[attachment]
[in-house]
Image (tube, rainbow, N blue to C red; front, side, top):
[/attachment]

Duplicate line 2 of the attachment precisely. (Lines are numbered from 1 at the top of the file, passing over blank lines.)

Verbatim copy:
Image (tube, rainbow, N blue to C red; front, side, top):